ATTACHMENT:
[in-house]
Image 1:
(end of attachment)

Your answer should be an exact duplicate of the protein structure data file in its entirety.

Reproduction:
[in-house]
Image 1: